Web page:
Meet Kellogg’s MBA Class Of 2019

Eric Van Aelstyn 

Northwestern University, Kellogg School of Management and McCormick School of Engineering (MMM Program) 

Describe yourself in 15 words or less: Equal parts film enthusiast, golden retriever, and problem-solver. You will find me at the taco truck.

Hometown: Seattle, WA

Fun Fact About Yourself: I have stood at the highest point in the contiguous United States (Mt. Whitney, 14,505 ft) and looked down on the lowest point (Death Valley, -282ft.).

Undergraduate School and Major: University of Southern California – Major: Film Production, Minor: Business Administration

Employers and Job Titles Since Graduation:

Alliance College-Ready Public Schools: Teacher, Algebra 1/Algebra 2 (Teach For America)

Ant Farm: Coordinator, Associate Producer, Sr. Associate Producer

Describe your biggest accomplishment in your career so far: One of the realities for my 10th grade algebra students in California was that they needed to pass a basic proficiency test called the CAHSEE (CA High School Exit Exam) in order to receive a diploma. This test was administered in 10th grade and covered up through 9th grade English/Language Arts and up through 7th grade Mathematics. Despite having a class dedicated for CAHSEE preparation, only 64% of our students passed the test first try.

To address this, I – along with a few other members of our team – developed and taught a 10-week intensive “boot camp” that our students were required to attend every Saturday morning leading up to the exam. That year our passage rate jumped by over 20% (by over 30% in math alone). Over the subsequent two years our team refined this program and our students’ passage rate continued to climb, reaching a 93% first time passage rate. Seeing my students walk across the stage as graduating seniors is something I will never forget.

Looking back on your experience, what one piece of advice would you give to future business school applicants? You are more than your job title, so share it. The application process is an opportunity to dive deep into your story and explain why the sum of your experiences has led you to long nights (or early mornings) studying for the GMAT, existential crises while writing essays, and a burning desire to further your own education.

Communicate this story—your story—through every step of the process. As a candidate with a non-traditional background, I was worried that my background did not fit the MBA mold. Fun fact: there is no mold! Trust that the application process has been designed holistically with the applicant in mind. You know why this is the right moment for you to pursue an MBA and admissions officers and interviewers want to those reasons as well. Reflect, discuss, and finally, synthesize. Authenticity is easily recognizable and a well-articulated, personal, and confident story will answer the essential MBA questions: Why now? Why here? And why would this class be worse off without me?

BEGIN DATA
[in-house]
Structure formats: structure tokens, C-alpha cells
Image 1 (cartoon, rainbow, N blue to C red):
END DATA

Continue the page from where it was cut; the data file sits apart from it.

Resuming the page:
What was the key factor that led you to choose this program for your full-time MBA and why was it so important to you? One of my goals in obtaining an MBA was to switch industries into tech. I knew that an MBA would provide a solid foundation to do so, but I was also looking for a differentiating factor. When I heard about the MMM program from a friend who was a first-year student at Kellogg, I saw the bridge I was looking for.

I had experienced first-hand the failures and successes of design within my charter school network, and later, while working in creative advertising. The idea of codifying that process was fascinating; I immediately saw the practicality of design thinking and innovation everywhere, particularly in the tech space. The MMM program was an opportunity to learn these principles in a small cohort that emphasized experiential learning and teamwork from some of the leading minds in the field. A dedicated MS in Design Innovation from the McCormick School of Engineering, combined with an MBA from Kellogg, meant that in a little over two years I would be prepared to identify the real problems, ask the right questions, and execute an applied approach to generate transformative solutions.

What would success look like to you after your first year of business school? Success equates to preparedness. Kellogg offers an amazing array of opportunities for its students, no matter what function or industry students plan to pursue. This means there is some strategy involved in your first year. As a former teacher, I evangelize the idea of backwards planning. Set a target and work your way back to the present, step-by-step. Align your actions with outcomes. Attend lunch and learns for industries and functions that intrigue you. Talk with second years about their internship experiences and which classes most helped them in those roles. Be purposeful with class projects and labs so you have experience to leverage in an interview and in your career. If I am prepared with the tools to confidently make the hard, thorny decisions that can lead me to my dream firm or career, then I will know that my first year has been a success.

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